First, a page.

Yes the new venture is an action taker yet they don’t have to be in the driver’s seat all the time. The reason new ventures exists is because exciting opportunities are passed over by large corporations that protect existing revenue streams more than they attempt to capture new opportunities. They overlook opportunities not necessarily because they are myopic, but also because of limited resources and time. Why not let a prospective relationship take the proactive role some of the time? Face it, new ventures can’t foster all the relationships required to get themselves off the ground. Let others contribute to this monumental task. Let outsiders contact new ventures directly phone, postal, fax, and email.

The largest difficulty with this directive is that it invites unwanted contacts pesky salespeople, job applicants, and news writers. Yet this is why your office manager makes more than the first year programmer. Talented office managers know how to direct calls, tell people who to write, or pass them off to the internal voice mail trash cans. An astute salesperson or prospective employee knows that calling a firm and asking to speak to the CEO is a plain silly waist of time for both parties even if they get through. Yet, when the only person listed is the CEO, who else is left to contact?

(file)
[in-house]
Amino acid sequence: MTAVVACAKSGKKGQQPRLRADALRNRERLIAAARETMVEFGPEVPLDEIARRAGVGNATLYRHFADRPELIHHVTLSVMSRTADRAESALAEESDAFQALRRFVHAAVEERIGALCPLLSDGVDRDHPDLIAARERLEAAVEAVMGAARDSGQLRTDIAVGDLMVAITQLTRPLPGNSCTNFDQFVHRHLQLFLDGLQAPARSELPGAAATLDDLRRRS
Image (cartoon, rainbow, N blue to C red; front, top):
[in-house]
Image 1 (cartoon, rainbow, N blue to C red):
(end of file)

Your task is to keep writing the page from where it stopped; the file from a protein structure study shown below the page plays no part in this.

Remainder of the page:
Prescription: List the key management team, their roles, and their contact address. For a bona fide business person attempting to contact your new venture with a strong offering, she will find the correct person to contact and forward a letter directly asking for permission to contact them over the phone. If you don’t want to talk with her, your standing order with your office manager to take messages from unknown solicitors will dispatch them immediately. If you are interested, then have your personal assistant schedule a moment for further discussion. That’s it. It is that simple.

Don’t list your direct phone line. Don’t list your direct email either. Both of these invite unscrupulous offers from shady business people.

Do list a general contact for sales, partnering, and employment. Do list your general phone number. Do list an email address for sales, HR, and strategic partnerships. And do respond to these emails with at least an auto generated message.